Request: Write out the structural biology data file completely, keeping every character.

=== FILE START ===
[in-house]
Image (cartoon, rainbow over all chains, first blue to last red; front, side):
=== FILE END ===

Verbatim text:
[in-house]
Image (cartoon, rainbow over all chains, first blue to last red; front, side):